Music Liberated by Colloquium XX

Several important pieces have been liberated from the prisons of obscurity and copyright for use at the Colloquium, and, by tradition, now put into the commons of the faith for your free use.

Here is the entire packet. These have not been previously available.

  • John Taverner’s Ave Maria
  • Ne reminiscaris Domine by Orlando di Lasso
  • Inclina Domine by Johannes Verhulst
  • A Catholic performance edition of Schubert’s Mass in G (prepared by Msgr. Schuler and redone by Jonathan Eason) with orchestra parts and organ reduction (not in the packet but available later this week).

13 Replies to “Music Liberated by Colloquium XX”

  1. This is all rather pointless.

    The archaic language is meaningless, the chant unsingable, and Rice's 'music' is plain, bloody boring.


  2. John, could you be more helpful with your post? It is clear that you don't like any of it, but what composers would you like to see?

    Jeffrey, Taverner's Ave Maria has been published in a collection of 3 or 4 other short Antiphons by Taverner, published by Mapa Mundi, which is extremely expensive—$15 a copy, I think! So this is a welcome version and the price is right!

  3. I did not say that I did not like any of it!

    I love plainchant and the music of John Tavener (& John Taverner).

    However, what pastoral use is the above? Will people know what 'vouchsafe' means, for example?

    OK, to be fair, Richard Rice is a very talented composer, but in my view his talent has deserted him when he attempts lirutgical music.

  4. John,

    You are, I believe, British, and therefore used to putting a car into gear. You might like to do the same with your brain before you post another comment. There is a debate to be had about the nature of liturgical language, but simply to state that a particular text is ‘pointless’, ‘meaningless’ and lacking in ‘pastoral value’ doesn’t even begin to define terms, let alone make a case. I would take it as a personal favour if you would think carefully about this – you have it in your power to save me from squirming with embarrassment every time I read such stuff, in the knowledge that it was written by a fellow English Catholic.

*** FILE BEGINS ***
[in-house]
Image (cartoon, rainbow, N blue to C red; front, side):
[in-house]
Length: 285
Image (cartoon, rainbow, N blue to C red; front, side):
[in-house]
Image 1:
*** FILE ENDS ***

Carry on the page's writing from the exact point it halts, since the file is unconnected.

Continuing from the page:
5. My apologies for being rude yet again.

    I was unable to ascertain during the last week that the DELETE key on >•<'s computer became so worn that it had to be re-engraved and FROGMAN appears there rather than DELETE.

    I just came from a positive interview for a position from which I have been fired twice (not sure if I am a glutton for punishment OR stupid), was very hungry…and was waiting for my pulled pork sandwich to arrive.

    That's it! The low-blood sugar defense!

    I looked at the psalm as composed by Richard Rice in the music packet and thought, "Oh, that's ok. Not as difficult as other things being sung, but it is easier music to sing."

    Upon hearing it I was blown away. It was liturgical and very powerful.

    Now, it wasn't lirutgical, whatever that was. But I have the feeling we are about to find out.

  6. "John, could you be more helpful with your post? It is clear that you don't like any of it, but what composers would you like to see?"

    – Point taken Anon (Jeffrey might like to remove the original post).

    OK – I would like to see composers of the calibre (caliber) of Bernadette Farrell & Marty Haugen.

  7. John,

    You say that you don't like older forms of English in liturgical material because they're 'meaningless', but you do like plainsong. You may wish to consider that plainsong is quite as archaic as sacral English.

  8. Hi Ian,

    I did not mean to say that I dislike archaic forms of English liturgical material.

    In fact, I love the BCP & KJV Bible. – But I'm not sure I understand them!

    My view on plainsong is that it is timeless (rather than archaic).

  9. John,

    Substitution of 'timeless' for 'archaic' doesn't change what plainsong and sacral English have in common – they're both products of another age whose meaning is in some sense lost to us through cultural change, but they both have deeper, poetic resonances that reward familiarisation.

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